In the early Edo period (1603-1867), Tokugawa Mitsumoto (1625-1700), second lord of the Owari branch of the Tokugawa clan, established a vast residence in the Ōzone neighbourhood, as a retreat from the main residence at Nagoya Castle. During the Edo period, a Shimoyashiki (下屋敷) was a smaller residence or retreat of a lord, as opposed to his "upper" or main residence, called Kamiyashiki (上屋敷). After his death, the property was passed on to the families of his three retainers Naruse, Ishiko and Watanabe, until the Meiji Restoration of 1867, when ownership was returned to the Owari Tokugawa.
In 1931, Tokugawa Yoshichika (1886-1976), 19th head of the Tokugawa family, decided that "the time had come to present the property to the community", and donated the land of 23,000 m2 and buildings to the City of Nagoya. Included in the donation were family treasures and the establishment of the Owari Tokugawa Reimeikai Foundation. The City opened the garden in 1932, and the foundation opened the art museum in 1935. The garden however was destroyed during World War II, leaving only the main Black Gate (Kuro-mon) intact.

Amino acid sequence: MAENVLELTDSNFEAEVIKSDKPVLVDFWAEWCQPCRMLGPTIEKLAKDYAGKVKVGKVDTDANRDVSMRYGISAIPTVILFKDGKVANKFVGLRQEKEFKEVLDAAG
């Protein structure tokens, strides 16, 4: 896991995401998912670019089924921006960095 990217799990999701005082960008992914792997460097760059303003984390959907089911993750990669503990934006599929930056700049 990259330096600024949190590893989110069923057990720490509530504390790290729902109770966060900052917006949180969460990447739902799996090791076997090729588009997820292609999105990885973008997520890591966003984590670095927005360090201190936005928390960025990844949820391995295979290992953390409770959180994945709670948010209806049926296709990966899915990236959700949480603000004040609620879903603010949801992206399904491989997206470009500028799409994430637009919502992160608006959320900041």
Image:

The Black Gate is made out of wood with a large gabled roof. Some of the walls and structures surrounding the gate are also originals from before the war. The gardens were restored in 2004. Today, the complex houses the Tokugawa Art Museum, the Hōsa Library and the Tokugawa Garden. Together, they are a showcase of the might and culture of the Owari Tokugawa.
Media related to Ōzone Shimoyashiki at Wikimedia Commons
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